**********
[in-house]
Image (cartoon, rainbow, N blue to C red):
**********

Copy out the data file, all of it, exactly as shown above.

[in-house]
Image (cartoon, rainbow, N blue to C red):